A Louisiana senate committee hearing Tuesday on an abortion ban based on the sex of the fetus ended with a tense exchange between a committee member and the bill’s author.
The governor’s executive action is in response to the failure of the GOP-majority state legislature to pass the so-called Louisiana Marriage and Conscience Act, which would codify discrimination of LGBTQ people by those who oppose marriage equality.
The ruling dismisses a portion of the challenge to the law but lets the underlying challenge to its constitutionality proceed.
The Louisiana Department of Health and Hospitals revised its abortion clinic licensing standards, and the new regulations could severely restrict access to legal abortion care throughout the state.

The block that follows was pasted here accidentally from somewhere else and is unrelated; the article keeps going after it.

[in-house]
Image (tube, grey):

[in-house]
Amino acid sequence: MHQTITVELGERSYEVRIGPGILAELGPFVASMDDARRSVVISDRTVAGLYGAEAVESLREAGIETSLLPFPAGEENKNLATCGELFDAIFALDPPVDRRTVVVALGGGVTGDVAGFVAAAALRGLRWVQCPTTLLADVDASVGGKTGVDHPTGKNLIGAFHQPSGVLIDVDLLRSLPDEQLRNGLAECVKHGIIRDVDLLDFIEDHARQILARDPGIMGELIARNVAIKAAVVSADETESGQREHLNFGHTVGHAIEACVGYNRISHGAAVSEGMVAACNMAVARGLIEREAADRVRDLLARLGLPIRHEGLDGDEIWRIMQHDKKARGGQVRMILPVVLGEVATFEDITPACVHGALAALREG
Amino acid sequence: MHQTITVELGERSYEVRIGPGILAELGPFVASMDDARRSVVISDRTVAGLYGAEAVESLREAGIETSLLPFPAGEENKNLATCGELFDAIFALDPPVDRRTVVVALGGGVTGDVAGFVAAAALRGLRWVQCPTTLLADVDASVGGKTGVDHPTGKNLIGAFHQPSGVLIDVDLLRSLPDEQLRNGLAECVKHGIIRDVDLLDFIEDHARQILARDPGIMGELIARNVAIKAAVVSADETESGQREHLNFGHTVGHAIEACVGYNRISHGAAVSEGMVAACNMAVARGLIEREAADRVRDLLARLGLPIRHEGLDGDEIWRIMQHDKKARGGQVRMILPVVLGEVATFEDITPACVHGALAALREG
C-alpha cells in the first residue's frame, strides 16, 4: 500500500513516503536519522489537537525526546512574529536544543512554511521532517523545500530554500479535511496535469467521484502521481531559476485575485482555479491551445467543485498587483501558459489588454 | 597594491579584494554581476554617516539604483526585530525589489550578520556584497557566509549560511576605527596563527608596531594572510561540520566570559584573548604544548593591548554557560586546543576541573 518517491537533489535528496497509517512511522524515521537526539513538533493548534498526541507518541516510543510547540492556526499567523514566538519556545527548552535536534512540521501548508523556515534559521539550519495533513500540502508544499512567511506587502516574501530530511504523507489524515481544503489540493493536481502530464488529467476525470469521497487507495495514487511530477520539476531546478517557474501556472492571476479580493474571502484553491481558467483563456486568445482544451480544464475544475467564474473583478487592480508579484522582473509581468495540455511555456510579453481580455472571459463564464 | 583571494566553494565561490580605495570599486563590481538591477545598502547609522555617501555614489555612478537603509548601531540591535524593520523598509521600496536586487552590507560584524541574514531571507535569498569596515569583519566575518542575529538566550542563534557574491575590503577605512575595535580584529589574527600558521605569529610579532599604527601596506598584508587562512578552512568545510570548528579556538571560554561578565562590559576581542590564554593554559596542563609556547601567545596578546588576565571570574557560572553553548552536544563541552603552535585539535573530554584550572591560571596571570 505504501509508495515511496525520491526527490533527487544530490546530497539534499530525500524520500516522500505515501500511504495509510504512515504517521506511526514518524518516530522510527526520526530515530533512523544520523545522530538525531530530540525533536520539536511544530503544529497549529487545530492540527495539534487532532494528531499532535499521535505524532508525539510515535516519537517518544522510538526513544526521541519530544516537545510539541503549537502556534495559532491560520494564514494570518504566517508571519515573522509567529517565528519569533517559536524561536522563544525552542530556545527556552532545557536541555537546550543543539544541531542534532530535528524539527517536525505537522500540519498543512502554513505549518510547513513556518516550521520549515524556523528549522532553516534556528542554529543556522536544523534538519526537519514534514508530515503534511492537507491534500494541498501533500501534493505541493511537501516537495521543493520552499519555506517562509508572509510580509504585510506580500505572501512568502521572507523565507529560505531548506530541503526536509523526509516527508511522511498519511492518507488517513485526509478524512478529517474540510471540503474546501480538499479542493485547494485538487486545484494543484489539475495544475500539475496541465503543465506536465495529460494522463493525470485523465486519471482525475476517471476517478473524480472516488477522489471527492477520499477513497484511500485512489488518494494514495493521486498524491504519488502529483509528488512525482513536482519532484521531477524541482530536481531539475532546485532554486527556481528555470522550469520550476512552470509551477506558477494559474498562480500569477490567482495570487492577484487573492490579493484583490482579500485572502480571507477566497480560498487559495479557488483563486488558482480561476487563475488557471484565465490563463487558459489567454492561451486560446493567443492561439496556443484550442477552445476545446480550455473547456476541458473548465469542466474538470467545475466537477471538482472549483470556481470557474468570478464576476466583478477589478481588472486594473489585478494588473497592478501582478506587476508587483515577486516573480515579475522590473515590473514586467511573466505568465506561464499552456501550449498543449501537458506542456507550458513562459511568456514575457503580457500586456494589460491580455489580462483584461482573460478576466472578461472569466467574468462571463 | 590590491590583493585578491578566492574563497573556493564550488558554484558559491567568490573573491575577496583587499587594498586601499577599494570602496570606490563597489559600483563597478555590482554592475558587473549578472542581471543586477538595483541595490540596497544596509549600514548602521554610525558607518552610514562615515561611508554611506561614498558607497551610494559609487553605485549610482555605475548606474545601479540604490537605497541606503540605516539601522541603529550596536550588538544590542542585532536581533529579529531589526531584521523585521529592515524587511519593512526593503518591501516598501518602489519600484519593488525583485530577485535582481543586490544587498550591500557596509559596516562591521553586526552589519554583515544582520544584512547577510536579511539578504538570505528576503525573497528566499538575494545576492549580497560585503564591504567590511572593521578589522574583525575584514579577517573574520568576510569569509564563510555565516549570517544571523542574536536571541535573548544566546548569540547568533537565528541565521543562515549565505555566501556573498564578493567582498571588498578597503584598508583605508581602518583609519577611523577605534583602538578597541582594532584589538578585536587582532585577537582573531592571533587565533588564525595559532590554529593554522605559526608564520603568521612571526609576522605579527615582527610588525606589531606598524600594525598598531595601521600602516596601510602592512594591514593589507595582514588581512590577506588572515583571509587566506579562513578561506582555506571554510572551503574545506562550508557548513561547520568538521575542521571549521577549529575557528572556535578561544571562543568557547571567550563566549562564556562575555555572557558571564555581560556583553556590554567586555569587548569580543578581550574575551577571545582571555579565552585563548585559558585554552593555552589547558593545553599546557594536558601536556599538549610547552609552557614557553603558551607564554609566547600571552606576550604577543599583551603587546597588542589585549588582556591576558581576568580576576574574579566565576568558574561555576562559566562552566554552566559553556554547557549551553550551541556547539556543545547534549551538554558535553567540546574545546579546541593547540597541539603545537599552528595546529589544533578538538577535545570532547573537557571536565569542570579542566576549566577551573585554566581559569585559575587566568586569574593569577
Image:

Even in front of this red-meat-friendly audience, references to abortion rights by presidential hopefuls were mostly passing and routine.
Since 2012, the Louisiana Department of Health and Hospitals, under the direction of Republican Gov. Bobby Jindal, has required all new facilities seeking to offer abortions to first get approval from the state.
Louisiana Gov. Bobby Jindal’s administration has revised its plan to privatize state-run hospitals with federal dollars and resubmitted it to the agency that just last month rejected the proposal.
The Louisiana legislature passed a bill that requires physicians to keep brain-dead women who are pregnant on mechanical support if the physician determines there is a chance the fetus is viable.
After emotional testimony given by opponents of a bill that would allow the state of Louisiana to invalidate any advance directives when a patient is pregnant, regardless of the viability of the fetus, a committee voted to pass the bill and send it to the full senate.
Without any debate, the Louisiana House of Representatives passed a bill Wednesday that would impose regulations aimed at severely limiting access to abortion. It is expected to be signed by Gov. Bobby Jindal.